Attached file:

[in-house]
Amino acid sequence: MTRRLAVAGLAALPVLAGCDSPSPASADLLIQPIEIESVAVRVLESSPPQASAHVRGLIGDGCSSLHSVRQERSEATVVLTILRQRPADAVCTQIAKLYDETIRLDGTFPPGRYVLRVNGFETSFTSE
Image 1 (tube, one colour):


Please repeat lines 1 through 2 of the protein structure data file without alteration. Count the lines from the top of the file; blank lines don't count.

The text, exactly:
[in-house]
Amino acid sequence: MTRRLAVAGLAALPVLAGCDSPSPASADLLIQPIEIESVAVRVLESSPPQASAHVRGLIGDGCSSLHSVRQERSEATVVLTILRQRPADAVCTQIAKLYDETIRLDGTFPPGRYVLRVNGFETSFTSE